Plenty of Lindkvists’s thoughts can be found online in podcasts, articles and TED talks, so it was a delight to have him personally address this audience. Regarding the current pandemic and envisioning our future, he remarked that we should be conscious of our “Present blindness; when we wake up after a hangover, we say we will never drink alcohol again. But of course, we do. Reality’s job is not to correspond to our predictions”.

Lindkvist also noted that fitness businesses do not typically have “innovation officers,” so it is crucial to pay attention to consumer behaviours in other industries as we navigate our way forward. As for consumer segmentation, he counselled that we look for the new blue ocean spaces, such as hybrid concepts and physical outlets that are in more rural areas.

He closed with five things to do now:
  • Divide up your day and examine how you use it.

  • Find the pain, follow the money.

  • When you have a “great” idea, use Google, make sure no one else has already thought of it.

  • Dare to innovate with not-yet-invented ideas and solutions.

  • Enjoy laughter, and the sound of a good idea.


To follow up on the webinar, click here.

GWI Initiative Collaboration: Pause and Listen
I wasn’t sure what to expect from this collaboration of five of the Global Wellness Institute’s initiatives (Coaching, Immersion, Social Impact, Sound, Sustainability), but it turned out to be a delightful self-care experience, billed as “time to take care of ourselves”.

These initiative members put on a carefully choreographed and well-thought-out breath and sound experience intended to help us “tune into our body, quiet our mind and elevate our spirit.”

Representatives of each initiative spoke for a few minutes, seamlessly passing the baton from one to the next, describing what their initiatives do and how they were all connected.

Debra Dunier helped to set the stage and advised attendees of how to situate themselves in their space according to Feng Shui principles, and to make sure to try to use headphones for the experience. Then, the mic was handed over to Josh and Eliza Peck from the DOJO Upstate, part of the Sound Wellness Initiative, who used gongs and bowls in a specially-designed listening room to create a wonderful sound experience which lasted about 30 minutes.

Definitely worth listening to when you need a personal break. To listen back to the webinar, follow this link.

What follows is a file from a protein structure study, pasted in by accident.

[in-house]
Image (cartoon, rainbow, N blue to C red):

Consumer Behavior Insights and Retention Strategies, part of the COVID-19 Business Insights Series by Women’s Wear Daily
Hosted by Arthur Zackiewicz and presented by Sherene Hilal of Bluecore

Bluecore is a marketing technology company that uses predictive data to connect casual online shoppers to products and offers that transform them into regular customers.

According to the company website, their suite of products enables companies to “deliver two times the revenue and one-quarter of the time as other marketing platforms”.

Hilal certainly knows her stuff and trotted out any number of statistics and acronyms which would be unfamiliar to many not versed in the world of e-commerce, but still makes one consider what more we could be doing in our industry.

The ability of current technology to drill down and create marketing campaigns based on lifecycle staging, to segment, to avoid using promotions and discounts to drive customer acquisition and to leverage social media into converted clients is certainly impressive.

According to Hilal, subscription buying is the next generation of replenishment, but it also prohibits the brand’s ability to drive $ purchases in the shopping cart, so is not the solution for everyone.

She advises retailers to shoot for a 50/50 online/offline split in revenue; the complete shift to digital has been accelerated by the pandemic and infrastructure for those retailing online needs to be ready.

So, what does this have to do with beauty, spa and wellness?

When I listened to this webinar, it made me realise how hard retailers have to work to create sales, either brick and mortar or online, compared to what we do in the spa and wellness silo, where our main revenue is built around existing appointment bookings.

When we open up in the morning, we already have a good concept of the revenue we’ll be able to hit that day, just based on our bookings. This made me think that we need to make better use of our technology to attract and retain clients over the long term.